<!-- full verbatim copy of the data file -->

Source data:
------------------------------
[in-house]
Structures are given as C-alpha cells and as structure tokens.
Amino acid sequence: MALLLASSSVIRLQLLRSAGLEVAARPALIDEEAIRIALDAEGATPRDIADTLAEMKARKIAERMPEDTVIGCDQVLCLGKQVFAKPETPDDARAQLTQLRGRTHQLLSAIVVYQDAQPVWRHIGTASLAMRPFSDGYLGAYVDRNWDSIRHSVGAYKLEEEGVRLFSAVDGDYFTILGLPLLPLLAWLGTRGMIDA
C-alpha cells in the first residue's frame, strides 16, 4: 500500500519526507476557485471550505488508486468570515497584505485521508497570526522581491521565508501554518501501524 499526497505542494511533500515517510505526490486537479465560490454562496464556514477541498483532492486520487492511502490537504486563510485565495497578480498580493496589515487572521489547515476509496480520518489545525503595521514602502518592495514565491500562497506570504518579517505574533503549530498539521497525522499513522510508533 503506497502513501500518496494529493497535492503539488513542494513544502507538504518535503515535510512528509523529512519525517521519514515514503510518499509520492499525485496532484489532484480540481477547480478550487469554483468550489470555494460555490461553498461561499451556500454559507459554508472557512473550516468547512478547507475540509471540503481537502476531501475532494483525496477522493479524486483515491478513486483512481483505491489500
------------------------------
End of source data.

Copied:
[in-house]
Structures are given as C-alpha cells and as structure tokens.
Amino acid sequence: MALLLASSSVIRLQLLRSAGLEVAARPALIDEEAIRIALDAEGATPRDIADTLAEMKARKIAERMPEDTVIGCDQVLCLGKQVFAKPETPDDARAQLTQLRGRTHQLLSAIVVYQDAQPVWRHIGTASLAMRPFSDGYLGAYVDRNWDSIRHSVGAYKLEEEGVRLFSAVDGDYFTILGLPLLPLLAWLGTRGMIDA
C-alpha cells in the first residue's frame, strides 16, 4: 500500500519526507476557485471550505488508486468570515497584505485521508497570526522581491521565508501554518501501524 499526497505542494511533500515517510505526490486537479465560490454562496464556514477541498483532492486520487492511502490537504486563510485565495497578480498580493496589515487572521489547515476509496480520518489545525503595521514602502518592495514565491500562497506570504518579517505574533503549530498539521497525522499513522510508533 503506497502513501500518496494529493497535492503539488513542494513544502507538504518535503515535510512528509523529512519525517521519514515514503510518499509520492499525485496532484489532484480540481477547480478550487469554483468550489470555494460555490461553498461561499451556500454559507459554508472557512473550516468547512478547507475540509471540503481537502476531501475532494483525496477522493479524486483515491478513486483512481483505491489500